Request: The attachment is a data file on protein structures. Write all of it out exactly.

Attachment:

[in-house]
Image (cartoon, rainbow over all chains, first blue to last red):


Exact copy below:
[in-house]
Image (cartoon, rainbow over all chains, first blue to last red):